Not Dewey of the TV show “Malcolm in the Middle”. Not Melvil Dewey, the originator of the Dewey Decimal Classification System. Not even Thomas E. Dewey, who ran unsuccessfully against Harry Truman in the close presidential election of 1948, and who is now best remembered for the photograph of Truman gleefully holding up a newspaper with the premature headline “Dewey Defeats Truman.”
No, I’m talking about Professor John Dewey, hardly a household name for most people – but a continual presence in my life.
When I was growing up John Dewey was a common topic of conversation in my home.
Dewey was an influential educator who had an enormous influence on public school curricula during the first part of the 20th century. My parents were very concerned about the state of American education – in part because of what they saw of the public schools I was attending in Washington, D.C. “Deweyism” was a shorthand phrase they used to cover all the perceived evils of “progressive education” of the sort they blamed on Dewey.
The Soviet Union was the feared enemy and my parents were very concerned that American children were not being educated in a way that would enable us to win the technology war with Russia. For them, “Deweyism” included a general lowering of academic standards, lax discipline and too much time devoted to non-academic subjects like hygiene, crafts, “life skills” and the like.
They felt that European countries were doing a much better job of educating their children and they particularly admired the high academic standards found in countries like Switzerland, France and Germany.
When I arrived at university, I signed up for an introductory philosophy course and was surprised to encounter John Dewey again – this time not as a misguided educator who helped wreck the public school system, but as America’s most famous philosopher and a prominent member of the school of philosophy known as Pragmatism.
Twenty years later, John Dewey entered my life once again, this time as as an articulate supporter of F. Matthias Alexander, the developer of the Alexander Technique, a method of learning how to move with ease. I had been drawn to the Technique somewhat by chance and was so impressed by the way it helped me improve my posture, coordination and balance that I decided to abandon my career as a research economist and move to England to train to become a teacher of the Technique.
It turned out that the same Dewey I’d been “living with” for most of my life had authored the introductions to three of Alexander’s books. The two men met during World War I in New York City where Dewey, who was then in his late 50’s, had a series of lessons with Alexander. Those lessons so transformed him – physically and mentally – that he continued taking lessons from Alexander, and later Alexander’s brother A.R. Alexander, for the rest of his life.
In his book Freedom to Change, Professor Frank Pierce Jones of Tufts University writes of an interview he had with Dewey towards the end of his life:
“The greatest benefit he got from lessons” Dewey said, “was the ability to stop and think before acting. Physically, he noted an improvement first in his vision and then in breathing. Before he had lessons, his ribs had been very rigid. Now they had a marked elasticity which doctors still commented on, though he was close to eighty-eight.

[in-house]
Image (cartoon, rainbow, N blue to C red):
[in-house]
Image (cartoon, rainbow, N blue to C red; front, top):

“Intellectually.., he found it much easier, after had had studied the technique, to hold a philosophical position calmly once he had taken it or to change it if new evidence came up warranting a change. He contrasted his own attitude with the rigidity of other academic thinkers who adopt a position early in their careers and then use their intellects to defend it indefinitely.”
Apart from my parents’ dislike of what they believed Dewey stood for, I can’t say I have any real knowledge of what he did or did not do in the field of education. And the significance of Pragmatism – which apparently is today undergoing a revival of sorts – has always eluded me.
But I do know something about F. Matthias Alexander and the Alexander Technique, and while Dewey’s writings are not always easygoing for the modern reader, over time I’ve come to realize that he had a profound understanding of the significance of Alexander’s work. And he was very articulate in expressing that understanding.
I’d like to close with one of Dewey’s many quotes about Alexander:
It is one thing to teach the need of a return to the individual man as the ultimate agency in whatever mankind and society collectively can accomplish. It is another thing to discover the concrete procedure by which this greatest of all tasks can be executed. And this indispensable thing is exactly what Mr. Alexander has accomplished.
I’d be interested to hear your take on the Dewey-Alexander connection. You can read more about it at the John Dewey and F. Matthias Alexander Homepage
Here’s an interview I did for the Alexander Technique Podcast with Dr. Terry Fitzgerald, an educator and teacher of the Alexander Technique in Sydney, Australia about the relationship between John Dewey and F. Matthias Alexander: